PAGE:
Harvey Schwartz out of Goldman succession race

Move paves way for David Solomon to succeed Lloyd Blankfein at the helm of the Wall Street bank

Goldman Sachs president Harvey Schwartz is to retire in April, paving the way for David Solomon, his rival for the top spot, to succeed Lloyd Blankfein at the helm of the Wall Street bank.

On Monday morning Goldman announced that Mr Schwartz would leave the bank after a 20-year career, mostly in the securities division.

The former chief financial officer had been promoted to the role of president and chief operating officer in December, 2016, along with Mr Solomon, after Gary Cohn decided to join the Trump administration as the president's top economic advisor.

Mr Solomon will now continue in the role alone, suggesting that he is a clear frontrunner to replace Mr Blankfein, who is approaching the end of his tenure. On Friday the CEO responded to a report saying he planned to stand aside as soon as the end of this year, saying in a tweet that he felt like “Huck Finn listening to his own eulogy.”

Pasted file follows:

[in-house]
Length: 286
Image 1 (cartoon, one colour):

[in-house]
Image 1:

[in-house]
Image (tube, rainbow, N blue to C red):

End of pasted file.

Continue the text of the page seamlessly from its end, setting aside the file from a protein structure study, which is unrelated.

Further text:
The CEO and chairman, who has run the firm since 2006, always indicated that he would stay for at least a couple of years after the December 2016 reshuffle.

“Harvey’s work ethic, command of complexity, and client focus have defined his career at the firm,” said Mr Blankfein. “Harvey has been a mentor to many, and his influence has made an indelible impact on generations of professionals at Goldman Sachs. I want to thank Harvey for all he’s done for the firm.”

Mr Schwartz served five years as global co-head of the securities division, before being named CFO in 2013. He joined the firm in 1997 as a vice president through Goldman’s acquisition of J Aron, a commodities broker.

– Copyright The Financial Times Limited 2018